Black History (Canada 2018)

From Details magazine:

Issued on the first day of Black History Month [February], these stamps recognize the contributions of two prominent, ground-breaking Canadians.

Kathleen (Kay) Livingstone (1918-75)
A long-time Toronto resident, Kathleen Livingstone was an activist, humanitarian and popular radio host devoted to the empowerment of Black women. She founded the Canadian Negro Women’s Association in the 1950s and, in 1975, launched the Congress of Black Women of Canada – now a nationwide organization. In 2011, she was named a Person of National Historic Significance by the Government of Canada.

“We are thrilled that people will learn not only about her efforts but also about the kind of person she was: a mother who served her family and a humanitarian who served her people, her city and her country,” says her daughter, Rene Livingstone. “She did it generously and she did it well.”

Lincoln M. Alexander (1922-2012)
Toronto-born Lincoln MacCauley Alexander had a distinguished career as a public servant and became a leader in the fight for racial equality. He was the first Black Canadian to be elected to the House of Commons (1968), appointed to the federal Cabinet (1979) and named to a viceregal position in Canada, as Lieutenant Governor of Ontario (1985). He encouraged countless young people to pursue their dreams – often telling them, “I did it. You can. You will.”

Both stamps, designed by Winnipeg-based Tétro, evoke the personal strength of these great Canadians through historic photographs. “The images selected capture a moment that is both internally reflective and formidable,” says designer Paul Tétrault. “The gold metallic glow pays tribute to their visionary influence and trailblazing achievements.”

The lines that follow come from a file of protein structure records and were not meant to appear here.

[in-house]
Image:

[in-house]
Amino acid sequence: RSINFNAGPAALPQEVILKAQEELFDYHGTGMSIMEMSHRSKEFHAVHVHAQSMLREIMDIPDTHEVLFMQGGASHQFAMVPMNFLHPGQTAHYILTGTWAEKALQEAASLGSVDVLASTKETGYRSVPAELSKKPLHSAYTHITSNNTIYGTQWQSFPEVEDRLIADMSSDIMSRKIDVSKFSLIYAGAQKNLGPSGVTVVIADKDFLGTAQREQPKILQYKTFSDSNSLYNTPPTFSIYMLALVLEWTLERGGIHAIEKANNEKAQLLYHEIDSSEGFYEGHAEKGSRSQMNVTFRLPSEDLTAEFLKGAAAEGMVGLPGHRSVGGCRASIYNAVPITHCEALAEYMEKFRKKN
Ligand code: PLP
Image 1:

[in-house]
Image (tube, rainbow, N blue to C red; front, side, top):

[press release]
2018 Black History Month stamps celebrate trailblazers Lincoln M. Alexander and Kathleen (Kay) Livingstone
Two prominent Black Canadians devoted their lives to promoting equality and opportunity for everyone

OTTAWA, Jan. 26, 2018 /CNW/ – Canada Post is marking upcoming Black History Month with stamps for 2018 celebrating Lincoln M. Alexander and Kathleen (Kay) Livingstone, two prominent Black Canadians who shattered barriers for visible minorities in Canada. The stamps will be available for purchase at postal outlets and canadapost.ca/blackhistory beginning February 1, the start of Black History Month in Canada.

“Lincoln Alexander and Kay Livingstone opened countless doors for Black Canadians and other minorities across the country. They are remarkable role models who fostered Canadian values of diversity, respect and inclusion,” says Canada Post President and CEO Deepak Chopra.

Lincoln Alexander
Born in Toronto, Alexander (1922-2012) was a distinguished public servant who championed racial equality, justice and education in Canada for decades. He was the first Black Canadian to be elected to the House of Commons (1968), appointed to the federal cabinet (1979) and named to a viceregal position in Canada, as Lieutenant Governor of Ontario (1985). He encouraged countless youth to pursue their dreams, often telling them: “I did it. You can. You will.” In recognition of his extraordinary accomplishments, January 21 has been celebrated as Lincoln Alexander Day across Canada since 2015.

Kathleen (Kay) Livingstone
Raised in London, Ont., Livingstone (1918-75) lived most of her adult life in Toronto, where she was a popular radio host and became one of Canada’s most prominent visionaries, activists and humanitarians. She devoted her life to empowering Black women and is credited with coining the term “visible minority.” In the 1950s, she founded the Canadian Negro Women’s Association. In 1973, she organized the first National Congress of Black Women, and in 1975 launched the Congress of Black Women of Canada, a now nationwide organization dedicated to the welfare of Black women and their families. In 2011, she was named a Person of National Historic Significance by the Government of Canada.

Leave a Reply

Your email address will not be published. Required fields are marked *